Thank you for Gerard F. Powerss Our Moral Duty in Iraq (2/18). It would be worthwhile for leaders of our country and our military first to reconcile with those people whose loved ones we violated. This would, Ihope, lead to some real discussion about Iraqi autonomy over its resources and government. Powers asks what policies and strategies best serve the interests of the Iraqi people, but not what Iraqis (including the leaders) actually want. To do what we think would be good for Iraqis without asking what they want the United States to do for them may lead only to more negative feelings toward our country.
In Church Teaching and My Fathers Choice (1/21), John J. Hardt makes it clear that he does not like the Congregation for the Doctrine of the Faiths response regarding artificial nutrition and hydration and that he must obey the pre-emptive decision of his father, who has concludedwhile in perfect healththat he could never endure the terrible burden of a feeding tube, carefully inserted into his side by a medical professional.
Perhaps Hardt should sit down with his father and suggest to him that such an anxious approach to death may not really be, as he apparently thinks, the fulfillment of a promise sealed in his baptism. Christ gave us the example. He did not abandon the will of his Father in heaven, even though he knew that his side was soon to be pierced in a way far more burdensome than any of us will ever have the misfortune to endure.
(Dr.) Edward J. Furton
Ethicist and Director of Publications
The National Catholic Bioethics Center
Lesser of Two Evils
Thank you for the excellent articles by Thomas A. Shannon (At the End of Life, 2/18) and John J. Hardt (Church Teaching and My Fathers Choice, 1/21).
These pieces reflect an unavoidable challenge implicit in the story of modern, high-technology medicine. We are required to use medical interventions to reach wanted effects even as we recognize the risks of other, unwanted, harmful effects. We must constantly weigh the probabilities of beneficial and harmful outcomes of medical interventions, so we seek a humane, not reckless, proportion of help and harms.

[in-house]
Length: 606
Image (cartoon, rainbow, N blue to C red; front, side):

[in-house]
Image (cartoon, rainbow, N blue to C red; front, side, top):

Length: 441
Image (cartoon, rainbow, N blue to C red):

Managing our dying has become inevitable in our era of effective technology-based medicinenot, of course, by inflicting death (deliberately starting a new lethal processeuthanasia) but certainly by managing pain and discomfort with potentially lethal medicines (which we take for granted as morally permitted in palliative care of the dying). More and more often, we must manage our dying by allowing one rather than another lethal process to win the race and produce the death that is inevitablesooner rather than later.
James F. Bresnahan, S.J.
Image of God
Thank you for Karen Sue Smiths Artful Contemplation (3/3). I returned home this afternoon from teaching a class where we had discussed art and morality in the context of Leo Tolstoys essay On Art. I had struggled to articulate how one can enter into the experience of the artist and come to a greater awareness of self, others, the world and God through fine artwork. In the mail was the current issue of America with Ms. Smiths article. I was delighted by her suggestion that art images abound as fertile ground for reflection and prayer. In her description of first seeing van Goghs paintings from Arles, she nicely captured the essence of what I wanted to say. We have long become used to turning to spiritual reading as a source of prayer, but it is refreshing to think of a visit to the Cloisters, or any art museum for that matter, as a source of contemplation.
I agree with Lori Erickson (The Mysteries of Lourdes, 2/25) that places of pilgrimage can be truly inspiring. At Lourdes the faith in God, the hope of cures or blessings and the true charity toward other seekers are all quite palpable. There are many other places where peoples faith and love seem to live on and permeate the entire site. Assisi is one of them; the spirit of Francis can still be felt there. I also find this in many old churches because of all the prayers, love, fears and sorrows that have been brought there through the years.
I experienced something different but equally impressive at Dachau. The pain and suffering, the anger and agony are so strong there that the very stones seem to moan.
Human beings seem to leave invisible footprints wherever they go. But, like Lori Erickson, one has to go with an open mind and an open heart to make contact with them.
Soldiers of Christ
While appreciating the position of Patricia McCarthy, C.N.D., against accepting ads recruiting military chaplains (Letters, War Profits, 2/11), I must disagree. I have been opposed to our invasion of Iraq and many aspects of the prosecution of that war, but I believe that Catholic priests are needed to minister to the men and women who serve in our armed forces. I also support Americas acceptance of money for ads for priests to minister to our military. It would be irresponsible not to provide them with ministry.
There have been warriors in whom God has worked and does work. In our quest for peace, we are still called to love and minister even to those with whom we disagree.
Mary Frost, S.D.S.